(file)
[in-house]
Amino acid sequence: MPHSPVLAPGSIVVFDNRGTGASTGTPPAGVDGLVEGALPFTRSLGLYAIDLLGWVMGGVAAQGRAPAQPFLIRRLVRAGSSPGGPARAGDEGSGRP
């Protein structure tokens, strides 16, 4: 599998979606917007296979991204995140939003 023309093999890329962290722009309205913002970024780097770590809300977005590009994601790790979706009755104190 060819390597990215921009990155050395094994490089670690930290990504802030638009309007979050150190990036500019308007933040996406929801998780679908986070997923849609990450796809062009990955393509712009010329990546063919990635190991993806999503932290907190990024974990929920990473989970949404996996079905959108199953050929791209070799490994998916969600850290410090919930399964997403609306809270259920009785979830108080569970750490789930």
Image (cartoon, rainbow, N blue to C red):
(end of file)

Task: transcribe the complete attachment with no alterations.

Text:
[in-house]
Amino acid sequence: MPHSPVLAPGSIVVFDNRGTGASTGTPPAGVDGLVEGALPFTRSLGLYAIDLLGWVMGGVAAQGRAPAQPFLIRRLVRAGSSPGGPARAGDEGSGRP
């Protein structure tokens, strides 16, 4: 599998979606917007296979991204995140939003 023309093999890329962290722009309205913002970024780097770590809300977005590009994601790790979706009755104190 060819390597990215921009990155050395094994490089670690930290990504802030638009309007979050150190990036500019308007933040996406929801998780679908986070997923849609990450796809062009990955393509712009010329990546063919990635190991993806999503932290907190990024974990929920990473989970949404996996079905959108199953050929791209070799490994998916969600850290410090919930399964997403609306809270259920009785979830108080569970750490789930």
Image (cartoon, rainbow, N blue to C red):